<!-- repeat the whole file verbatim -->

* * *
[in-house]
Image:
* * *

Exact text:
[in-house]
Image: